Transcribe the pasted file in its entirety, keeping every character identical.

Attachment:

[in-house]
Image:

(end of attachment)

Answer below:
[in-house]
Image: